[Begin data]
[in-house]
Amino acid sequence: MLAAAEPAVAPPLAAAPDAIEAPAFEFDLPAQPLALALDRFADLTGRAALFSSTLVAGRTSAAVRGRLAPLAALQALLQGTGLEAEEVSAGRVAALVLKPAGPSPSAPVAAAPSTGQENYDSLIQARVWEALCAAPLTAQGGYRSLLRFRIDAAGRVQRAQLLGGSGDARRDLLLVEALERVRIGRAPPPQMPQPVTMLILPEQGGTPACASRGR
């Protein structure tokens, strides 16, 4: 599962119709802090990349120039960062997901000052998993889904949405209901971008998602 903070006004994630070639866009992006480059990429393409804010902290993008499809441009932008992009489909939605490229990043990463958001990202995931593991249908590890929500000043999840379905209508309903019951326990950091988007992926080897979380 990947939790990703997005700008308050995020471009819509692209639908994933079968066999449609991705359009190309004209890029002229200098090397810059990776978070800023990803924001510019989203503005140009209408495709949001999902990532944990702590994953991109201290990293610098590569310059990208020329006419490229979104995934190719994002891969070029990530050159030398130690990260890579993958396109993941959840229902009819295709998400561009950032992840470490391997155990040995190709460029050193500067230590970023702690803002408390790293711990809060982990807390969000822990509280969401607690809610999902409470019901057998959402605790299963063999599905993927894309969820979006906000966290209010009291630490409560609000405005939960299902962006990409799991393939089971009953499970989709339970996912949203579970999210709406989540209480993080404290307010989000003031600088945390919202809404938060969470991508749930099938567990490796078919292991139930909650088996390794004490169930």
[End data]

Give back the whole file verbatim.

[in-house]
Amino acid sequence: MLAAAEPAVAPPLAAAPDAIEAPAFEFDLPAQPLALALDRFADLTGRAALFSSTLVAGRTSAAVRGRLAPLAALQALLQGTGLEAEEVSAGRVAALVLKPAGPSPSAPVAAAPSTGQENYDSLIQARVWEALCAAPLTAQGGYRSLLRFRIDAAGRVQRAQLLGGSGDARRDLLLVEALERVRIGRAPPPQMPQPVTMLILPEQGGTPACASRGR
């Protein structure tokens, strides 16, 4: 599962119709802090990349120039960062997901000052998993889904949405209901971008998602 903070006004994630070639866009992006480059990429393409804010902290993008499809441009932008992009489909939605490229990043990463958001990202995931593991249908590890929500000043999840379905209508309903019951326990950091988007992926080897979380 990947939790990703997005700008308050995020471009819509692209639908994933079968066999449609991705359009190309004209890029002229200098090397810059990776978070800023990803924001510019989203503005140009209408495709949001999902990532944990702590994953991109201290990293610098590569310059990208020329006419490229979104995934190719994002891969070029990530050159030398130690990260890579993958396109993941959840229902009819295709998400561009950032992840470490391997155990040995190709460029050193500067230590970023702690803002408390790293711990809060982990807390969000822990509280969401607690809610999902409470019901057998959402605790299963063999599905993927894309969820979006906000966290209010009291630490409560609000405005939960299902962006990409799991393939089971009953499970989709339970996912949203579970999210709406989540209480993080404290307010989000003031600088945390919202809404938060969470991508749930099938567990490796078919292991139930909650088996390794004490169930």